What happens when we obscure our own view? We don’t get the complete picture. That is exactly what happens when we are judgemental in our behaviour. Thanks to my sanctimonious judgemental high horse, I lost some good employees and friends. I was annoyed with an employee for always being late for meetings and decided that she wasn’t good enough to be a team lead although she was good in her job and had great interpersonal skills. I’m ashamed to admit I thought less of a friend because his English vocabulary was less than average. I refused to regard his enthusiasm and never-say-die attitude. I didn’t think too highly of one of my neighbours when I saw her waking up more than an hour later than her kids and making them wait for their breakfast. However this neighbour in question was a very warm-hearted and kind person.

Being judgemental blinded me in more ways than one.

  • It made me lose my objectivity and prevented me from having a holistic perspective of people and situations.
  • It lowered my emotional intelligence and my capability to respond positively.
  • I presumed I knew it all and knew it better.
  • I categorized people, generalized them, and in effect discriminated against them.

Perhaps the most insidious but lethal aspect of judgemental behaviour is the build-up of resentment and a completely distorted and negative persona we create of the other person. Ironically, the one who was negative and distorted was me!

Mirror, Mirror on the Wall!

When did I realize the source of distortion? Coaching was the mirror that showed me how warped my view was. In 2013, I decided to become a Life Coach as I wanted to do something meaningful with my life. At that point in my life I was recovering from an onslaught of negative emotions, poor health, and a depleted self-worth. The methodology I learnt was Power Coaching with Mind Kinetics (PCMK™) by CLI.

As the training progressed, I got an opportunity to practise the techniques on myself and others. I also got a chance to be coached. Being coached was huge tidal wave of self-discovery for me. As PCMK™ coaching is all about answering left-brained and right-brained questions pertaining to the goal or challenge in question, I realized that the root of over 90% of my problems was – you guessed it right – being judgmental!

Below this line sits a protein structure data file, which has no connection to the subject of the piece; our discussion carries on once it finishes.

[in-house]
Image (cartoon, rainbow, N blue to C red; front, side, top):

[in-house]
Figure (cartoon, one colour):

During my training, I learnt about universal truths in the form of Universal Laws. There was one law that hit the nail on the head.

The Mirror Law (Like Begets Like): What you see in others, is a reflection of what you see in yourself. “When we point fingers, we have three others pointing back at us.”

I realized that just as I was being judgmental towards others, I was being judgmental with myself too. And if I could be judgmental, so could others be towards me!

As we pass judgment on others, at a subconscious level we start being judgmental with ourselves. Over a period the cross gets too heavy to bear and we are left with a highly eroded sense of confidence and self-worth.

Discernment clears the fog

Judgment and Discernment are two sides of the same coin. Discernment is what we practice when we make a wise decision by honestly weighing all possible facts.

How do we practise discernment? Ever since the time I have had success in improving my life over the past couple of years, I have been consciously working towards practising better discernment.

  • Separate the individual from the behaviour. Don’t personify a negative trait. That way we focus ourselves to consciously respect the individual, at the same time deal with the negative trait in the best possible way.
  • If you are a coach, it helps to coach yourself in the form of self-coaching. If you aren’t a coach, you could consult one. Since coaching by design is all about answering questions constructively and objectively, your coach would be able to help you look at the entire issue in a way that helps you find a solution.
  • Maintain a journal where you make daily notes of any unconstructive behaviour on your part. If you find yourself being judgmental about someone, or yourself, write down “How” you would be able to release that judgment constructively.
  • We are all part of a bigger scheme of things whether we like it or not. I believe we have answers within ourselves if we only look for it. For me, deep reflection or meditation in a quiet place has helped me become more compassionate and empathetic with people.

Release judgement, Unleash positivity

Judgmental behaviour lies at the root of so many problems we face today right from gender and ethnic imbalance, racial discrimination, toxic politics, breeding discontentment and employee disengagement, to stress. The “Us versus Them” mentality that is counterproductive and debilitating us today, is primarily because we pass judgement on people instead of respecting differences. Negative thoughts and negative behaviour create a build-up of toxic stress that further leads to ailments for which the causes seem unknown.